It is a boon for any serious traveler to have a traveling mentor to offer information and inspiration. I am fortunate enough to have two of them. Their collection of passport stamps and travel tales are badges of honor to inspire any wanderluster. They have huddled silently in the wilds of Africa while lions prowled inches from their tent. They have been trapped in the jungles of Costa Rica while guerrilla shots rang around them. They watched as the tourist bus ahead of their own exploded in Egypt. At well past retirement age, they have physically thwarted the efforts of pickpockets in Italy. While the rest of the world was watching on television, they were standing in front of the Berlin Wall breaking off a piece of history in their hand.
What’s remarkable about all this is that they are just average, small town, Middle America parents. On public teacher’s salaries, they have managed to visit six continents and countless countries. And they just happen to be my in-laws.
My husband and I have a fit for a fairy tale love story that begins as high school sweethearts, but I actually met my mother in law before I met her son. As my eighth grade librarian, she had a reputation for being so tough that the students bestowed on her the moniker of “The Bear.” One of the most horrifying experiences of my academic career was standing in her office as she called my parents because I had lost my library card. That same year, our class was a guest in the library as she shared photos and stories from her most recent trip to the concentration camps of Europe. As she described in vivid detail the sights, sounds, and smells of the trip, I was enraptured by the idea that I could get on a plane and go to the places that I had read about in books. Even though I had never been on a plane or even left my home state, I was hooked.
If my life were a novel, that little bit in the library would be foreshadowing, as they next year, I began dating the bear cub. If I thought the library card incident was scary, that was nothing compared to the terrifying fear of being introduced to your former teacher as their son’s girlfriend. The fear was extremely short lived (and likely completely blown of proportion in my young mind) as they immediately welcomed me as a member of the family and I had the unique opportunity to join them in their travels.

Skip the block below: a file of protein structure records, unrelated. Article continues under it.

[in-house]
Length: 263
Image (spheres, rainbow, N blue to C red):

If age is a state of mind, these two will never be old. The official retirement age is in the rear view mirror, and they show no signs of slowing down. Most recently, they scratched another line off their bucket list by visiting all 30 Major League baseball stadiums. With inspiring energy, they continue to make their travel dreams a reality.
As a reward for the years of traveling with children, they are traveling farther, lighter and with a bit more luxury these days. It is an old family joke that one day we will get a phone call from a foreign embassy with a need to claim the bodies of two travelers who lived out their dreams to the very end. Whether or not that is how it will actually play out, there is no doubt they will continue to travel far and wide for many years to come.
My husband is fortunate enough to have this wandering spirit in his genetics, but I was able to ignite the flame by proxy. Before I was official a member of the family they had taken me on my first plane ride, my first view of the ocean, and my first trip outside the country.
I could express my thanks in words, but instead I show my gratitude by doing for my kids what they did for me. Every time we pack our bags and buy our tickets and set out with our crew, it is a nod of appreciation to their legacy. May we be so fortunate to have half the adventures they have had and may the heritage they began pass from us to our children and their children and so on.
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